Oculus VR, one of Facebook’s other subsidiaries, has had some shortcomings.
One of the biggest challenges VR companies have faced is getting headsets into people’s hands. Traditional VR headsets are expensive ($400 or more) and require high-end gaming computers that cost well over $1,000. The cost of VR headsets is the biggest barrier that Oculus needs to overcome.
According to this article, that was written in August 2018, Oculus needed to develop cheaper VR headsets. And that’s exactly what Oculus did with the new Oculus Go. The Oculus Go has been reviewed as the best VR option in 2018 by TechCrunch. Facebook is determined to get a dominant foothold in the VR market, truly believing in the social media mindset of driving user growth as opposed to high margins. Maybe he hopes to integrate his other subsidiaries into the VR space, and just needs to have a lot users so that FB can show them advertisements.
Facebook, driven by Mark Zuckerberg, has made a series of brilliant acquisitions; putting the company in a position that makes it hard to fail. He routinely tries to aggressively acquire social media companies in the market. He once tried making a deal with Snapchat, but the owners declined his offer, which made him deploy Instagram in a ruthless campaign to diminish Snapchat’s influence. Zuckerberg isn’t messing around when it comes to growing his company.
Because of Facebook’s subsidiaries and sheer user engagement levels, they actually aren’t in the worst position as a business. Most likely, more people probably complain about Facebook on Facebook.com, through the articles that are posted on there, and/or through the other companies they own, than on any other social media website alone. That is because combined, Facebook the company, has over 6 billion active users. Because Facebook Messenger is counted with this statistic, which people often times use with Facebook.com, a lot of the users on Facebook are also engaging with Facebook’s Messenger, which is counted as a separate entity on Statista. It’s also possible that users on Facebook also use Instagram and WhatsApp as well, so there aren’t actually 6 billion separate people on those applications, but a smaller amount using more than one product. Either way, you could say that because those companies are so well run, Facebook has users engaging throughout their entire network of subsidiaries. That sounds attractive to advertisers.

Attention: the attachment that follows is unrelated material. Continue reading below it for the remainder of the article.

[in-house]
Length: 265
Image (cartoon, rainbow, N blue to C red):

Facebook definitely was absolutely hammered in 2018, and still is currently. But Zuckerberg is optimistic about Facebook’s future, and has apparently made great strides to reduce the threat of Russia interfering in our elections. I don’t necessarily know how the Portal that Facebook has released is going to fair in the market, but right now they are still a good company that has made some aggressive moves to get to where they are. Despite the overwhelming amount of negative news coverage, Facebook will still be a prominent company for some time.